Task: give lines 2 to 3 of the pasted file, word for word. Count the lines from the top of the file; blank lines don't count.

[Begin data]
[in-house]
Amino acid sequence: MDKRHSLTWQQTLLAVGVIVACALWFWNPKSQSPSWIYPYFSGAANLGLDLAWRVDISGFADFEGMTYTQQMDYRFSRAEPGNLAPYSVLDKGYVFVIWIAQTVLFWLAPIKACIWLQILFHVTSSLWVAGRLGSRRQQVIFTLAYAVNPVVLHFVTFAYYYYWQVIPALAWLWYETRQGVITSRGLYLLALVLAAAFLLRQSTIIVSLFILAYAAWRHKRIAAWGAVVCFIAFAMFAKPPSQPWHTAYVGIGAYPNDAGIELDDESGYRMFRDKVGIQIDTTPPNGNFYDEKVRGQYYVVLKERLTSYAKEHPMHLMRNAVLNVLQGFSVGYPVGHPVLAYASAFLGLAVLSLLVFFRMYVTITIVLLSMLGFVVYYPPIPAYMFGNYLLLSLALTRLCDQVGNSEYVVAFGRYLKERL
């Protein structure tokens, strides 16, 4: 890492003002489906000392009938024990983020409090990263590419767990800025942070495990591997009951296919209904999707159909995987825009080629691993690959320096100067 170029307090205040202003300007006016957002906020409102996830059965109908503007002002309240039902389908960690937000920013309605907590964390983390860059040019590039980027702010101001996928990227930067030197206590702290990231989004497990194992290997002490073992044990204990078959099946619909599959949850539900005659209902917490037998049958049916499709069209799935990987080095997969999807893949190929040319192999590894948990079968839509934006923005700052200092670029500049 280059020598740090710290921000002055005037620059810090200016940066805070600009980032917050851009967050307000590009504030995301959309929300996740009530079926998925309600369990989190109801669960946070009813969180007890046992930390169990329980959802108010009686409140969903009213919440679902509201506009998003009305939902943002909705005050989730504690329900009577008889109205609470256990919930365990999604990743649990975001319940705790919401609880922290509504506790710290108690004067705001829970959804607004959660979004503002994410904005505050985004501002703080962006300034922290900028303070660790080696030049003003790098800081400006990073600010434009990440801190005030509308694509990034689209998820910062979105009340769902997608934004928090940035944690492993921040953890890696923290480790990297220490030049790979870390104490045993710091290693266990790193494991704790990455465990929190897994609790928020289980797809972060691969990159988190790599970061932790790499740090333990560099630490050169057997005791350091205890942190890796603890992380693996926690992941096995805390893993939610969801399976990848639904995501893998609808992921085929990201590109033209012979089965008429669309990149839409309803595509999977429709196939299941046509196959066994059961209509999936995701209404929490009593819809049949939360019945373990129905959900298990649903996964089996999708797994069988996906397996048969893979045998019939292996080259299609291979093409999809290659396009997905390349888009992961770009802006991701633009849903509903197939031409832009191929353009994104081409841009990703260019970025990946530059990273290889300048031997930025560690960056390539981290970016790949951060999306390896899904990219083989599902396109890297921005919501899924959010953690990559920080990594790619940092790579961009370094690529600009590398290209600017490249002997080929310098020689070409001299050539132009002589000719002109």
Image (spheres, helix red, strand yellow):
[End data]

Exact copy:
Amino acid sequence: MDKRHSLTWQQTLLAVGVIVACALWFWNPKSQSPSWIYPYFSGAANLGLDLAWRVDISGFADFEGMTYTQQMDYRFSRAEPGNLAPYSVLDKGYVFVIWIAQTVLFWLAPIKACIWLQILFHVTSSLWVAGRLGSRRQQVIFTLAYAVNPVVLHFVTFAYYYYWQVIPALAWLWYETRQGVITSRGLYLLALVLAAAFLLRQSTIIVSLFILAYAAWRHKRIAAWGAVVCFIAFAMFAKPPSQPWHTAYVGIGAYPNDAGIELDDESGYRMFRDKVGIQIDTTPPNGNFYDEKVRGQYYVVLKERLTSYAKEHPMHLMRNAVLNVLQGFSVGYPVGHPVLAYASAFLGLAVLSLLVFFRMYVTITIVLLSMLGFVVYYPPIPAYMFGNYLLLSLALTRLCDQVGNSEYVVAFGRYLKERL
């Protein structure tokens, strides 16, 4: 890492003002489906000392009938024990983020409090990263590419767990800025942070495990591997009951296919209904999707159909995987825009080629691993690959320096100067 170029307090205040202003300007006016957002906020409102996830059965109908503007002002309240039902389908960690937000920013309605907590964390983390860059040019590039980027702010101001996928990227930067030197206590702290990231989004497990194992290997002490073992044990204990078959099946619909599959949850539900005659209902917490037998049958049916499709069209799935990987080095997969999807893949190929040319192999590894948990079968839509934006923005700052200092670029500049 280059020598740090710290921000002055005037620059810090200016940066805070600009980032917050851009967050307000590009504030995301959309929300996740009530079926998925309600369990989190109801669960946070009813969180007890046992930390169990329980959802108010009686409140969903009213919440679902509201506009998003009305939902943002909705005050989730504690329900009577008889109205609470256990919930365990999604990743649990975001319940705790919401609880922290509504506790710290108690004067705001829970959804607004959660979004503002994410904005505050985004501002703080962006300034922290900028303070660790080696030049003003790098800081400006990073600010434009990440801190005030509308694509990034689209998820910062979105009340769902997608934004928090940035944690492993921040953890890696923290480790990297220490030049790979870390104490045993710091290693266990790193494991704790990455465990929190897994609790928020289980797809972060691969990159988190790599970061932790790499740090333990560099630490050169057997005791350091205890942190890796603890992380693996926690992941096995805390893993939610969801399976990848639904995501893998609808992921085929990201590109033209012979089965008429669309990149839409309803595509999977429709196939299941046509196959066994059961209509999936995701209404929490009593819809049949939360019945373990129905959900298990649903996964089996999708797994069988996906397996048969893979045998019939292996080259299609291979093409999809290659396009997905390349888009992961770009802006991701633009849903509903197939031409832009191929353009994104081409841009990703260019970025990946530059990273290889300048031997930025560690960056390539981290970016790949951060999306390896899904990219083989599902396109890297921005919501899924959010953690990559920080990594790619940092790579961009370094690529600009590398290209600017490249002997080929310098020689070409001299050539132009002589000719002109």